tech2 News Staff Jan 14, 2019 16:11 PM IST
Chief Justice of India Ranjan Gogoi issued the notice to the government against the controversial order. However, the Supreme Court has not stayed the order.
Last month, the home ministry had issued an order authorising 10 federal government agencies to intercept and monitor information from any computer, a move opposition parties said would risk creating a “surveillance state”.
The authorisation has been given under Section 69 of the Information Technology Act, 2000. It allows the government to direct any agency in the interest of the sovereignty, defence of India and security of the state among other reasons. And notably so, as per the order, not just calls or emails, but any data on any computer can be intercepted and devices can be seized.
MHA: Competent authority hereby authorizes the following security and intelligence agencies (in attached statement) for purposes of interception, monitoring and decryption of any information generated, transmitted, received or stored in any computer resource under the said act pic.twitter.com/3oH9e7vv6T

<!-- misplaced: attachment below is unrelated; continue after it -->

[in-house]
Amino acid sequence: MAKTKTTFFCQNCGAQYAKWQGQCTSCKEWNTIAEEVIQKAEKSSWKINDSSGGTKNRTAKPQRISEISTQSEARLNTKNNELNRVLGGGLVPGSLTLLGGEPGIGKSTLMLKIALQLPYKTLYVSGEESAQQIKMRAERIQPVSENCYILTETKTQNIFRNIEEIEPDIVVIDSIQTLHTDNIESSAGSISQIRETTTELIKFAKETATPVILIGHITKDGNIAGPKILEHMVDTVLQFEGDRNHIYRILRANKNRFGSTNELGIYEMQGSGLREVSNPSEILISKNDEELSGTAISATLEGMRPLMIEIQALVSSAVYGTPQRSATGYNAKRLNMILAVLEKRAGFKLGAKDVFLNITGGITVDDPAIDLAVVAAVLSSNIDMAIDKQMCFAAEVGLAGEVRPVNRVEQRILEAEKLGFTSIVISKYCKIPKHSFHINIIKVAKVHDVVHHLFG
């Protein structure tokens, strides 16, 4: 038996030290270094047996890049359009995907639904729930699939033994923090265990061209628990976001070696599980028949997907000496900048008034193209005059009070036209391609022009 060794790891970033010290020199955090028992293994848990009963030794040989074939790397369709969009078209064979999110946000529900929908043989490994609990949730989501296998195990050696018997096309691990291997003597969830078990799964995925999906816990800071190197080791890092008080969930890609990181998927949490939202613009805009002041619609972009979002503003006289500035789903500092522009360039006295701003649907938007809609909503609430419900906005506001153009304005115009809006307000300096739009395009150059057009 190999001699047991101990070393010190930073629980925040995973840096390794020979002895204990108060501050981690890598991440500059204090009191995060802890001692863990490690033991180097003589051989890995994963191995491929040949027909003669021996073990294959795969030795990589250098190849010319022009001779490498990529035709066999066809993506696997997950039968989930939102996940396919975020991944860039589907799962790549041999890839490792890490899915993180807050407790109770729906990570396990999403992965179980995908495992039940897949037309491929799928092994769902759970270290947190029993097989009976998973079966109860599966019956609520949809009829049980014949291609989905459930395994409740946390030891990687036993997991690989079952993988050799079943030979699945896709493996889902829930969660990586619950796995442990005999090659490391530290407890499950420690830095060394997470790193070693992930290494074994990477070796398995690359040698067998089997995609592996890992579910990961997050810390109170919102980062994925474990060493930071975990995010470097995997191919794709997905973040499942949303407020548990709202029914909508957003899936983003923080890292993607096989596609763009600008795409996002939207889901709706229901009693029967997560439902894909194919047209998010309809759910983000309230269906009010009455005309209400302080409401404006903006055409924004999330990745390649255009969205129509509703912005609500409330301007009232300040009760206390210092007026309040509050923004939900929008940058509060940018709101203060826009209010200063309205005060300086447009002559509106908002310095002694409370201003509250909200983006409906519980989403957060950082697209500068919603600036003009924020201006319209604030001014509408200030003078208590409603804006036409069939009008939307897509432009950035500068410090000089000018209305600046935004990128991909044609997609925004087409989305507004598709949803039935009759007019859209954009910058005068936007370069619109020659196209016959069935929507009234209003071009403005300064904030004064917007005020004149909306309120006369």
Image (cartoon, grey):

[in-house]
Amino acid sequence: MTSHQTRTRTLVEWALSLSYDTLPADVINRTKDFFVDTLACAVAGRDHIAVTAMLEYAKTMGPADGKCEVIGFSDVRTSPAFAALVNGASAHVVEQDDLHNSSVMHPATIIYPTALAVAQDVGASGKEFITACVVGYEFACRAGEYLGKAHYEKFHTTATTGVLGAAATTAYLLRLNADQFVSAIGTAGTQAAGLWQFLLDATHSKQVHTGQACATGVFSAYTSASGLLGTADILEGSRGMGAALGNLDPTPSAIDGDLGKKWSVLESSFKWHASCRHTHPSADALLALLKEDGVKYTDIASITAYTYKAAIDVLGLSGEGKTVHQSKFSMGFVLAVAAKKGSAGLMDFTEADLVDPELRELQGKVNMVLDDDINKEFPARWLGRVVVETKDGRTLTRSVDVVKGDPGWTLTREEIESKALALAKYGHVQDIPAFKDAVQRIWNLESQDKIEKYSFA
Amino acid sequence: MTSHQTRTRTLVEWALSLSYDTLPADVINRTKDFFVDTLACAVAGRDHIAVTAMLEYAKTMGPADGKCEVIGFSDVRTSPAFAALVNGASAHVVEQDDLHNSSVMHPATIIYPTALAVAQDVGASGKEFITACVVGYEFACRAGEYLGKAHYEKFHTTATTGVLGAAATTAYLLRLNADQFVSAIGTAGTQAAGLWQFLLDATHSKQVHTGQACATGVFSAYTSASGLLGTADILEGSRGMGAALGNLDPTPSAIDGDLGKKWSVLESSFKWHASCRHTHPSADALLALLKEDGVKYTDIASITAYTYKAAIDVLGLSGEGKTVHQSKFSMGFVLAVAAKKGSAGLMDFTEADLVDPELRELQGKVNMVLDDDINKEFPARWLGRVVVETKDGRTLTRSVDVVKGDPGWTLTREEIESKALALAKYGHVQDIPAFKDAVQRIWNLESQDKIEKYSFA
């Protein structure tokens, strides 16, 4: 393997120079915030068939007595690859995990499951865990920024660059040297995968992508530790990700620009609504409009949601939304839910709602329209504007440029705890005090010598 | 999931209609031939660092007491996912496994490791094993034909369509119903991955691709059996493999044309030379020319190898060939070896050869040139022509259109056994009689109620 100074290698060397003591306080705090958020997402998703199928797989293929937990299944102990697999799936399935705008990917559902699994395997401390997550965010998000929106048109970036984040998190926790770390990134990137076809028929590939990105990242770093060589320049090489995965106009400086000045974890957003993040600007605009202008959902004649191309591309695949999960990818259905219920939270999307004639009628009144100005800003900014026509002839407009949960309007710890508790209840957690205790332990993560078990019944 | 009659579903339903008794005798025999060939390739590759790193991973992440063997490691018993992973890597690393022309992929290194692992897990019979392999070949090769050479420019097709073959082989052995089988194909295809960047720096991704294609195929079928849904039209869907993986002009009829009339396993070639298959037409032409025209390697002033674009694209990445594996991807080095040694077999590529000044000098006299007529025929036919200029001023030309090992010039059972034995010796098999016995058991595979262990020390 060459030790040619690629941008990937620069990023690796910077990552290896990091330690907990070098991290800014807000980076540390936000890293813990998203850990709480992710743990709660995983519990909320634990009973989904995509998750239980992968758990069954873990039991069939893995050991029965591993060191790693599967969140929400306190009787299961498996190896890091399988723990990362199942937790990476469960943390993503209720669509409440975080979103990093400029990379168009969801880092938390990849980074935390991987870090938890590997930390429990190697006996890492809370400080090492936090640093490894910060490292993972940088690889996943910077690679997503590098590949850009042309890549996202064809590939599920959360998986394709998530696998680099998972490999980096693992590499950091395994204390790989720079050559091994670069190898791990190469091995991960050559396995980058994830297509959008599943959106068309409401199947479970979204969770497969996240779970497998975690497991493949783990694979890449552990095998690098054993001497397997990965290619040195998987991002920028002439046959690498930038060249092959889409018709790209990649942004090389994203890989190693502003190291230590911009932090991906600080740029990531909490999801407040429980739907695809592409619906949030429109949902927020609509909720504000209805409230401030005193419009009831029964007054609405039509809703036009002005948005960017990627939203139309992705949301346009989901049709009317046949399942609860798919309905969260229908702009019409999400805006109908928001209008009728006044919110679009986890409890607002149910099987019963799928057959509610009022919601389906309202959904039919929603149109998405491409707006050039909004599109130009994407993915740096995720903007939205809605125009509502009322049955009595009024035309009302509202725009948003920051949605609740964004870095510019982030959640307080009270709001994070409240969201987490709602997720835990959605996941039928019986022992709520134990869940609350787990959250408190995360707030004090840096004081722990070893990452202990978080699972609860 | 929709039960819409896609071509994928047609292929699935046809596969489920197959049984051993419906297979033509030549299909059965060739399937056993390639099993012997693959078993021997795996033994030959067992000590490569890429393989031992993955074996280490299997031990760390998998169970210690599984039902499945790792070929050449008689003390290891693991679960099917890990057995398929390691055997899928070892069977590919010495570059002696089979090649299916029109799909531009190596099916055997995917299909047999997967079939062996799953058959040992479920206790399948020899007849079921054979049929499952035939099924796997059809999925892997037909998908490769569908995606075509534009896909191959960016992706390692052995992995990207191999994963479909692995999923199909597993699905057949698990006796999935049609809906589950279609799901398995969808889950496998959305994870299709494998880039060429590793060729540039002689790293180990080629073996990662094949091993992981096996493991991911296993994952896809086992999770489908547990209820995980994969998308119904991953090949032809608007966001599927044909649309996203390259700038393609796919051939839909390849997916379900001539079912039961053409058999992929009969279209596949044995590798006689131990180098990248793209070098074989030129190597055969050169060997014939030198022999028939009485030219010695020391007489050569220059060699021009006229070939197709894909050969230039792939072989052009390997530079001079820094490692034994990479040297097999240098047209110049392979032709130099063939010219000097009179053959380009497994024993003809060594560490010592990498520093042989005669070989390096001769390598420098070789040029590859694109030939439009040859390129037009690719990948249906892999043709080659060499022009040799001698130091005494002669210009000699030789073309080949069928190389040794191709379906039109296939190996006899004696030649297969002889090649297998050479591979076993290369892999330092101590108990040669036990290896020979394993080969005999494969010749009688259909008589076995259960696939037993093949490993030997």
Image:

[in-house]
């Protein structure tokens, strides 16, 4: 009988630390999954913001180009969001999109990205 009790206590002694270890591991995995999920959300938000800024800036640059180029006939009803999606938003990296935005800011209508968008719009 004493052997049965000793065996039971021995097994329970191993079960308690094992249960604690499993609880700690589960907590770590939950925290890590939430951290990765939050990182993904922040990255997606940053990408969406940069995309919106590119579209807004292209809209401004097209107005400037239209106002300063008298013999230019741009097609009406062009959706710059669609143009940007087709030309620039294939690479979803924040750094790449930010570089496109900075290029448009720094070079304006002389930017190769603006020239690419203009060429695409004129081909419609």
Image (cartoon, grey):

— ANI (@ANI) December 21, 2018
According to the order, the person who the computer belongs to will have to provide access and technical assistance to the aforementioned agencies. If they fail, there will be a punishment of up to seven years.
The agencies that have been granted the permission are — The Intelligence Bureau, Narcotics Control Bureau, National Investigation Agency, Enforcement Directorate, Central Board of Direct Taxes, Directorate of Revenue Intelligence, Central Bureau of Investigation. Cabinet Secretariat (R&AW), Directorate of Signal Intelligence (For service areas of Jammu & Kashmir, North-East and Assam only) and Commissioner of Police, Delhi.
With inputs from Reuters
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